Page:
Friday, February 6, 2009


"Community organizers are the new oilmen."

David Montgomery, "Community Organized: Grass-Roots Activists Mobilize to Maximize Obama's First 100 Days, The Washington Post, February 5, 2009.

What a strange comparison. What could it possibly mean? Are organizers the new wild-catters, rugged, cutthroat individualists, "swaggering" in the halls of Congress? Remember Oil by Upton Sinclair. Is the new "oil" the economic stimulus, access to a fellow oilman in the White House? Are we to imagine a Dallas of community organizers? A band of prospectors rushing to DC to lobby, build coalitions, show off?

Meanwhile, in Chicago and elsewhere celebrations are getting underway for the 100th birthday of Saul Alinsky, the modern founder of community organizing in Chicago and of the Industrial Areas Foundation.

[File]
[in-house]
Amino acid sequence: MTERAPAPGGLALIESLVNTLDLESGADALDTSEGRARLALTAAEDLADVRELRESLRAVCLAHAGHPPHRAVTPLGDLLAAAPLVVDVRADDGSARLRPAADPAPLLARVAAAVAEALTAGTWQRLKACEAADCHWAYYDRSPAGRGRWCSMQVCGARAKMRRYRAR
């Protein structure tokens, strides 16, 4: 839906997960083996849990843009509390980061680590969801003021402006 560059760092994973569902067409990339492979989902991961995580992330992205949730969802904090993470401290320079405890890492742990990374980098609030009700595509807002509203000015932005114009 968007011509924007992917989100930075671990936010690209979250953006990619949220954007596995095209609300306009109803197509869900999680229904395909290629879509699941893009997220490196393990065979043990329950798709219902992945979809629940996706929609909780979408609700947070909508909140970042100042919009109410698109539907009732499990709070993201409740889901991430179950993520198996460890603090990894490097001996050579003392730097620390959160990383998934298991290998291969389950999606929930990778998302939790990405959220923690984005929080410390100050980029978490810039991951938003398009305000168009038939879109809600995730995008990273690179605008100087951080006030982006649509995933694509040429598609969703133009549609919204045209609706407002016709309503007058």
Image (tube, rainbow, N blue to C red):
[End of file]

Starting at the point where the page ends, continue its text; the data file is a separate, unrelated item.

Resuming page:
I like this quote from Alinksy: "A liberal has his feet firmly planted in thin air." Let's hope community organizers are better liberals, progressives, or whatever.

Here's a definition of the organizer."In Alinsky's method, the organizer is a facilitator and agitator. It works because the targets, people of power, are hit with an unaccustomed force: ordinary people loudly demanding the right to be heard."

Ron Grossman, "Alinsky's organizing legacy lives on," Chicago Tribune, January 30, 2009.

We need to remember that the roots of community organizing are at home around kitchen tables. The real work of the stimulus will be in our backyards.

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